As the world continues to get smaller through our intentional technology revolution, students are going to be hard pressed to connect with different cultures, different world views, and the ability to connect with different thought processes.
There’s little debate concerning the globalization of today’s companies. Most of the top U.S. companies have a footprint of business, education, or at the very least a social impact on different countries around the world.
In today’s Secondary Education climate, very few of our students are being exposed to the ways to form successful small groups where the diversity of culture has to be addressed to actually accomplish a common goal.
On the KIVU Gap Year, we have taken the task of exposing students to various cultures both here in America, and across the world.
Our student shave the chance to stay with local families in foreign countries. Whether they have a stay in Africa, Peru, Bolivia, or the Jordan, students have the chance to learn cultural diversity to give them a chance to understand future potential cultural relationships no matter where they intend on spending their vocational time. Our intent is to help students understand what it means to deal with different expectations dependent on cultural diversity, and we’re actually seeing their worlds get smaller and smaller.
They are able to talk about politics, social differences, and see opportunities to connect America to different parts of the world. This is vital as we see a generation of students whose world continues to shrink as they forge ahead to live and work in places with high degrees of cultural diversity.
Different World Views
It’s safe to say with 7 Billion people on planet earth, there are almost as many different world views students need to learn how to navigate. Values that matter include…
Where they were born
What values were important to their families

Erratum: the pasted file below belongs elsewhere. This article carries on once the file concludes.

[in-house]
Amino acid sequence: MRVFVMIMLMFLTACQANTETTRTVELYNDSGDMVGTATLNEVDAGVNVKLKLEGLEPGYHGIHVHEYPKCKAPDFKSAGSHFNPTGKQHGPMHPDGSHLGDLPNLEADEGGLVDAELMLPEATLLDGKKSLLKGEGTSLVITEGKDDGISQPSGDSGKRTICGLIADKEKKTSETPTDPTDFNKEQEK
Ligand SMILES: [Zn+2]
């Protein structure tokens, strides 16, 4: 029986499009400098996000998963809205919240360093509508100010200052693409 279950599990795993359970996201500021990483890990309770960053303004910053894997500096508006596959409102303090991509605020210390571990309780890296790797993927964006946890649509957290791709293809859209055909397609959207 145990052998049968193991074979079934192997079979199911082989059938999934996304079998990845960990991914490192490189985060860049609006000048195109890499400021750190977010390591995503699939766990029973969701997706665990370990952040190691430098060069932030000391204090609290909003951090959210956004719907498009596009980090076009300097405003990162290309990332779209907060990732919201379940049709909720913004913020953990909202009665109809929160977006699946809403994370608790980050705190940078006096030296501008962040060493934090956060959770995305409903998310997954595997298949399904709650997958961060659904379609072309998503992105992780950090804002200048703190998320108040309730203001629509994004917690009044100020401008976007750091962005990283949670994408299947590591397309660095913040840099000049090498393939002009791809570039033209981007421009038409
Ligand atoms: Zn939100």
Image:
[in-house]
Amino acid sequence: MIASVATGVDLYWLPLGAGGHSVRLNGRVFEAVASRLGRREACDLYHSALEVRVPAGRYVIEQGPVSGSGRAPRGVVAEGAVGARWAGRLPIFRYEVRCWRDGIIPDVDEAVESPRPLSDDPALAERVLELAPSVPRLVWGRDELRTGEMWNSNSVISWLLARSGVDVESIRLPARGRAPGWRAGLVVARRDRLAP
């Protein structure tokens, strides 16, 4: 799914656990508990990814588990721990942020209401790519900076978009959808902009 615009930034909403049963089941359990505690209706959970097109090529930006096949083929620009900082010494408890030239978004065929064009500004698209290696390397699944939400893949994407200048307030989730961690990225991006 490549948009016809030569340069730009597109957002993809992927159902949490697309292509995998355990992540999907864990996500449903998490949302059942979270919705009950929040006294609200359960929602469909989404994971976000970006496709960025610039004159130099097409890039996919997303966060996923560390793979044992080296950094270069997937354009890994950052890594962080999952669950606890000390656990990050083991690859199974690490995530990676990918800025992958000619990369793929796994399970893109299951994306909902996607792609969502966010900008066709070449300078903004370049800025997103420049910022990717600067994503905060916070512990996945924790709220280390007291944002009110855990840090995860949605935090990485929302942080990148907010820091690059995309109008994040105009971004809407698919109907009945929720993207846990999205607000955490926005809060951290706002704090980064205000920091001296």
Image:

What faith components they believe in
What social values are high on the list of their world
Each way our environment speaks into who we are dictates what lens we see the world through. Traditionally, America has a reputation of seeing the world through the lens of the last great super power. So the questions begin to rise quickly to the surface
What is my role in the world as an American Citizen?
How do I interact with other countries and how they see the world?
What is my role in understanding someone else’s world view, and being able to value my own way of thinking?
As more and more students are leaving home to attend University life, it’s imperative they are able to navigate their own worldview in the confluence of world views they will be exposed to, even right there at home.
Different Social Impact
In America, we have two oceans on either side of our country that insulate much of our thinking from the rest of the world. In Africa, it’s normal to see a high social value given to the family, while our sense of family may vary from region to region.
In the Middle East there are different social norms put on gender, where here in America we strive to create equality the name of the gender game.
In South America, there are certain social ways of interacting with a culture long created by the colonization of the European Catholic societies mixed with the native groups. While here in America, there is an amalgam of cultures all trying to live and work together in a “melting pot” that centers on the question of What does it mean to be American?
As students are exposed to different social norms, we invite them to explore the reasons why societies are different, and how they can integrate in those social groups depending on their circumstances.
All in all, when a student Graduates from the KIVU Gap Year, they are equipped with the tools to help them with Different Global Cultures, Different Global World views, and Different Social implications no matter where they live and work.